Surreally, the venue was the London club Nomad, where I often drop by on Wednesdays for a long-running kizomba night. Talk about multi-layered dance scenes! Angolan kizomba, with its small, discreet moves, much-vaunted ‘connection’ deriving from close body contact, vs. Lindy Hop, the classic swing dance from Harlem, showy, stomping, acrobatic, and lithe. And the demographics- the kizomba night’s predominantly black crowd vs. this party’s mostly white dancers (I spotted one black woman and one South Asian man).
There was, however, a star couple from Korea, and who, in their matching Burberry checks, were dancing up a funky and humorous storm. Watch them here competing at the Lindy Finals of the 2014 London Swing festival!
Where did the black investment in Lindy go, I wondered, not for the first time. And where were the hips in this Afro-diasporic dance? The energetic bounce, kicks, and twists of classic Lindy kinesthetics seemed to have banished all lingering traces of the ‘ginga’ and ‘bunda’-aesthetics of the kizomba-world that populated this very room each Wednesday. But I didn’t have time to wonder for too long—for, to my delight—a friend of Erica’s (‘a dance polyglot like you’, she said) was coming up gallantly to ask me to dance. And—I was away!—dancing my very first Lindy Hop to the sweet sound of the Dixie Ticklers!
The night turned out to be pretty fabulous, actually. The songs were long, and I danced for about an hour. How did I do it, without a single class in the dance genre? Well, firstly, by being a good listener—to the rhythm of the music as well as its accents for embellishment; secondly, by being a very attentive follower— even on more than one occasion, faithfully mirroring my leader; thirdly, by letting go all restraint and fear of parody and recalling the moves of the Harlem Lindy Hoppers in the YouTube videos. ‘I can’t believe this is your first time’, said more than one dance partner to me. I was so gratified!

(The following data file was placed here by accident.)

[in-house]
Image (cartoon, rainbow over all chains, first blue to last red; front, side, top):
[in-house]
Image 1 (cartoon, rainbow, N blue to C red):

I tore myself away like Cinderella to make the midnight cut off point for entry to the ULU salsa party. It was the first time probably that I was entering a salsa party drenched in sweat from another form of dance… and with the moves of that dance form still imprinted on my muscle memory…. But it worked to my advantage, for, as I found myself dancing in a pachanga style it now felt to me like a speeded up Lindy Hop. That was not at all surprising given that the pachanga (which developed in response to evolving charanga music from Cuba), like the Lindy Hop several decades before it, crystallised in the dance crucible of uptown New York.
That Saturday was one of my best dance nights ever, as I finished with some crazy improvised bachatas in the kizomba room (why those dance styles are made to share a floor is another story, but it worked for me)—it was really a night when 4/4 rhythm showed me its hidden magic. Of course I had some fantastic salsa dances too and if one adds the great Zil’oKA class to the mix it was altogether a day that London had allowed me to cross all kinds of Afro-diasporic rhythm worlds in the space of 12 hours.
My unexpectedly lovely evening and the warmly welcoming Lindy Hoppers made me think how, all too often, we are curious about dances we don’t have expertise in or knowledge of, but feel too shy or inadequate to explore them. There are many people who are content to shine in one partner dance—and that’s absolutely fine; but others who might want to branch out are restrained by thoughts like ‘I’m going to look like an idiot’ and ‘I won’t know what to do’.
But expertise in one partner dance lends itself to another form more easily than we imagine. And a party should be a space of enjoyment, fun and experimentation. So– if you dance any form of couple dance with Afro-diasporic history, and are yearning to try another one—don’t miss an opportunity that may come your way! Your training in leading and following, turning and—most importantly—syncopation and breaking— will stand you in good stead.
Of course, it may be easier for followers than leaders, initially, to dip in and out of different dances. If you find yourself dancing with a man who is doing stuff you don’t really know, if he’s a good leader and you’re a good follower, you will do exactly that—follow. Which makes me wonder: at all those Harlem venues, when sounds and moves from Cuba and Puerto Rico mingled with African American sounds and moves, it must have been the followers—mostly women—who would have been the first meta-improvisers, those who would have found the space where these Afro-diasporic traditions met and transformed each other.
Another way to think of the power dynamics of so-called ‘leading and following’! In the meanwhile, I certainly shall be seeking out more London Lindy Hop parties….!